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International Journal of Endocrinology
Volume 2014 (2014), Article ID 730472, 8 pages
Research Article

Gender Differences in Ghrelin Association with Cardiometabolic Risk Factors in Arab Population

1Biochemistry and Molecular Biology Unit, Dasman Diabetes Institute, P.O. Box 1180, Kuwait City, Kuwait
2Diabetes Research Center, Qatar Biomedical Research Institute, P.O. Box 5825, Doha, Qatar
3Biostatistics and Epidemiology Department, Dasman Diabetes Institute, P.O. Box 1180, Kuwait City, Kuwait
4Dasman Diabetes Institute, P.O. Box 1180, Kuwait City, Kuwait
5Clinical Epidemiology, Sidra Medical and Research Center, P.O. Box 26999, Doha, Qatar

Received 7 July 2014; Accepted 26 August 2014; Published 9 September 2014

Academic Editor: Mario Maggi

Copyright © 2014 Mohamed Abu-Farha et al. This is an open access article distributed under the Creative Commons Attribution License, which permits unrestricted use, distribution, and reproduction in any medium, provided the original work is properly cited.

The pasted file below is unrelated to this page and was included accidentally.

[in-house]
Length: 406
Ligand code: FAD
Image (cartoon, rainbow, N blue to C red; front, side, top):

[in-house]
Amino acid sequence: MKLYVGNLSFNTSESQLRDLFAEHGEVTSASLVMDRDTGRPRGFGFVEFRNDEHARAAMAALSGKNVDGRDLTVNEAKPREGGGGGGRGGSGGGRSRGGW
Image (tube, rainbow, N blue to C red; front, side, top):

Ghrelin is a stomach produced hormone that has been shown to have protective role against development of CVD which is a leading cause of death in the Arab world. The objective of this study is to examine the gender difference in association between traditional CVD risk factors and plasma ghrelin among Arabs. 359 Arab residents in Kuwait participated in a cross-sectional survey (≥20 years old): 191 were females and 168 were males. Plasma level of ghrelin was assessed using Luminex-based assay. Ghrelin levels were significantly higher in females (935 ± 78 pg/mL) than males (763 ± 65 pg/mL) (). Females showed inverse association with WC (, ) and HbA1C (, ) as well as SBP (, ) and DBP (, ), respectively. Higher levels of ghrelin were shown to associate with increased insulin resistance, as measured by HOMAIR, in male Arab subjects (-trend = 0.0202) but not in females. In this study we show that higher ghrelin level was negatively associated with measures of obesity, HbA1C, and blood pressure in females and positively associated with increased insulin resistance in Arab males.